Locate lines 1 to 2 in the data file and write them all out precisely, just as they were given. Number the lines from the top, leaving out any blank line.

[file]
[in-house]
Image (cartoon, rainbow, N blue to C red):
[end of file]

[in-house]
Image (cartoon, rainbow, N blue to C red):